IPASocialWorks case study programme
As part of the #IPASocialWorks initiative, we are looking for more case studies that illustrate best practice in social media effectiveness. These includes cases where social media is used as part of a communications strategy and/or where it is employed to develop and validate insights which are then used to shape strategy.
We are particularly keen to read examples of how social media has been successfully used to personalise goods and services.
Case studies will be peer reviewed by an expert panel of academics and practitioners and those that meet the standard are disseminated publicly on the websites of the three project organisations. It is now widely agreed that counting fans is not enough and there is an opportunity for more rigorous practitioners to step in and shape the industry debate.
We have also published two guides into how to evaluate social media.
Contact Kathryn Patten for more information or read more about the project here.
Featured peer reviewed cases are grouped under the following headings:
Organ Donation Scotland
A PR and social strategy kept the Organ Donor Register top of mind with Scottish audiences whilst a new marketing campaign was being developed.
Read this case for an example of how social channels can be used to maintain brand awareness and engage consumers to take action.
To uncover new growth opportunities in its baking, cooking and spreads business, Unilever worked with Kantar TNS to apply social listening in conjunction with more traditional research methods to gain greater insight into consumers' habits and attitudes in a mixture of countries.
Read about this work for an in-depth description of the uses and limitations of applied social listening.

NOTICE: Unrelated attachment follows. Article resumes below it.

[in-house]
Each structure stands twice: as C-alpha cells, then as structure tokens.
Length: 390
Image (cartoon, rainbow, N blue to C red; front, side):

Lloyds Banking Group
An example of social listening, this case study describes how Lloyds used social listening to gain greater understanding of the needs of small businesses seeking to expand overseas. The bank used the insights from this exercise to shape its international products for small companies.
In this case study, Halifax details how it used short video and GIF content tailored to individual social channels to present financial concepts in an accessible fashion when these were in the news. The results show that the brand was more associated with being easy to understand and had higher consideration (both metrics the bank believed to be closely correlated with sales), following the campaign.
The case illustrates how social insight can be used to identify user behaviour and to shape strategy designed to reach individuals via social for commercial objectives.
The low-cost Asian airline, Scoot, reponded to increased competition and a budget cut by using insight into people's social and travel behaviours to revamp its content approach on social channels. It reported increased sales conversion rates and ROI from its social spend following the changes.
Read this case for an example of how a brand can use insight to segment and improve the impact of its social content.
Sport England wanted to encourage more women aged between 14 and 40 to take part in sport and exercise. By listening and analysing social conversations about broad exercise-related topics and combining these social insights with those gleaned from focus groups, Sport England was able to identify the key deterrents preventing women from exercising. As a result, it made the tone of its communications campaign more empathetic, down to earth and reassuring, and targeted messages at particular audience segments.
This case is a good example of how social insight can be used in strategy, planning, segmentation and performance tracking.
Janssen Pharmaceutical wanted to research the needs of patients with schizophrenia and medical professionals in order to make conversation between the two groups easier in both directions.
This case study explains how the company and its agency partner used netnographic techniques to 'scrape' and analyse thousands of conversations about the condition to unearth insights about the language and tone in which it was discussed. These insights were combined with those of focus groups and employed to redesign the company's key website on the subject and create a new tool, which proved highly popular. It is a good example of how social listening can be used to research hard to reach groups and/or senstive subjects.
GE Life Sciences
This case demonstrates how social listening techniques were used to analyse a large, unstructured and "noisy" body of social chatter among specialist scientists, reduce it to a manageable body of conversations, and analyse it for key themes and characteristics which could be used to inform a sales strategy to this difficult to reach audience.